Lawson Roy’s Pinion on Syn-thetic Polymers
Pity the bottom feeders! Lobster might look mighty
but their numbers’ll drop faster than lead cod jigs.
The clams n mussels lap up that nasty plastic crap
drifts cross bottom. Nothin lobster likes more
than a big feed of clams n mussels.
I don’t differ—’d rather clams than lobster
any day of the week. Was just up the Dairy Treat,
laid into a fine mess all fried up with French fries.
Tasted the finest kind, if bites were a tad rubbery.
Looked out cross the lot, saw a feathered ruckus
floatin on the garbage barrel’s overflow
—stupid gull, plastic fork stuck bent in its beak,
an onion ring ringin its neck.
I would’ve pulled that fork outta there
so ol greedy-guts crazy-head could enjoy its fried treat
but you think that damned bird would sit still?
* * *
Ain’t it a sin, the trash the tide heaps on the beach.
Out walkin, you come cross banged-up buoys or bits,
mangled traps, trap tags n bands, cartons n tainers,
pop cans n enough bottles for every last blasted soul,
chunks of Sty-ro-foam, Zip-loc bags, what we call penny whistles.
Birthday balloons lookin like run-over jellyfish. In all colours!
Bait bags, shell casings, their rubber gloves. All colours!
When I was fishin Millie always made me my mitts.
Weren’t nothin syn-theticful—nothin but sheep’s wool.
They’d tighten from dunkin em in the salt ocean each trip.
Waterproofin. Some warm. With the finger in em for firin
the .22 on board in case we run up on any seals.
* * *
You ever seen that bit on the television? They’re out in the boat
and the young fella’s wonderin what to do with his chip bag
or gum wrapper or somethin or other, and the old fella,
he says to just toss er overboard. But where does it go, Dad?
Away, son; away. Well, well now. Where the heck’s away to?
Some hazy Atlantic nowhere? That fog’s comin in fast though.
Feel it in my lungs, layin down another oil-based coat.
Sure as I’m breathin tumbled round, broke-down poly-sty-rene:
water molly-cules and an-ti-thetic syn-thetics fillin my cavities.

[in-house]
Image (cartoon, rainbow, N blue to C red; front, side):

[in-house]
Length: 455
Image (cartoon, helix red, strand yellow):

Nothin much you buy lasts anymore, credibly quick to break.
Then it’s broke it lasts and lasts and lasts and won’t ever rot!
Oh, you know people—don’t they love that ol beach glass.
Started makin necklaces outta the stuff, like it’s pearls!
That busted glass is a bunch of trash—way I see it, the start
of a terrible habit. Pieces can be pretty, sure—so! No need.
Pretty as a Coke can. Go get yourself wed with a lobster band.
Har-huh-hargh! They tell me it’s all the tobacco I used to smoke,
but I know damn well it’s this fake plastic fog the ocean’s pushin.
Dig my lungs up 50 years from next winter, you’ll find a pair
of bags fit for carryin your poisoned groceries home in.
Lawson Roy’s Pinion on Syn-thetic Polymers, a new poem by Nova Scotia poet Cory Lavender, is the third of eight poems we will publish during the remainder of the year, selected as a result of the call for poems we issued in May. The poem is in the voice of Cory’s lobster-fishing grandfather, Lawson Roy, from Port Mouton.
His most recent poetry collection is Lawson Roy’s Revelation, a chapbook published by Gasperau Press.
Cory Lavender’s poetry and essays have been featured in various literary journals, such as Riddle Fence, The Antigonish Review, and on-line at The Island Review.
Cory also works as a freelance copyeditor and ghostwriter, and is always looking for new and interesting projects to work on. He can be contacted at firstname.lastname@example.org. He lives on Nova Scotia’s South Shore.